Jesus had told them earlier that his departure would be for their benefit, but now seeing this horrible spectacle they are completely unable to grasp that idea. Standing there seeing him dead, the one in whom they had put their hope, their faith, their trust was more than they could comprehend. The one who had done miracles, changed water into wine, healed lepers, opened the eyes of the blind, raised people from the dead, now himself was hanging dead on a cross seemed like an impossible thing. This one who was called teacher, leader and maybe even their ticket to fortune and fame now seemed so powerless, so weak, so defeated.

How could this be for their benefit? They don’t realize they so desperately need a redeemer. One who would redeem them from sin and reconcile them to God. One who would transform the anger of God into loving compassion. One who would release them from the power of sin and the clutches of death. And they mourned deeply.

But, again a little while turned out to be three days. On the third day it was Easter. During this time of his absence he would descend into hell and declare himself the victor over Satan, the redeemer from sin, the conqueror of death.

And then the disciples will see him again; standing in their midst as they hide behind locked doors out of fear. He was there to bring new life into their dead, despairing lives. He was there turning their sorrow into joy. He was there transforming their lives, giving them hope, transforming death into resurrection and eternal life.

In a little while, at his death and resurrection, Jesus will bring redemption, life, and salvation. Is that the little while Jesus means? Yes, but…

How about forty days more? On Easter Sunday they see him again. But what about forty days from now? They will gaze upon him and he will ascend back into heaven right before their eyes, and they will see him no more. Is that what he means by a little while? The Easter reunion with Jesus will last forty days, and Jesus would return to his Father. Again, the disciples will not see him.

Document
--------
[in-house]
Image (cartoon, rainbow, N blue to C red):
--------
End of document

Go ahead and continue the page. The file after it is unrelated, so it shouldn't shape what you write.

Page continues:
Once again, Jesus says that his departure would be for their benefit. This time it would open the door for the Holy Spirit to come. The Holy Spirit whom he would send from the Father. The Holy Spirit who he gave back to the Father on the cross when it says, “He gave the His Spirit back and died.” That Holy Spirit who came on Pentecost to remind the disciples of all that Jesus had taught them. He would open their eyes and not until then would they understand all these things.

Is that the little while? When the Spirit comes and takes what Jesus receives of the Father and gives it to the disciples. A little while and the Spirit will make clear to the disciples the meaning of the Incarnation of the Son of God, the meaning of the things Jesus did and said, the meaning of the miracles, and the meaning of Good Friday and Easter Sunday.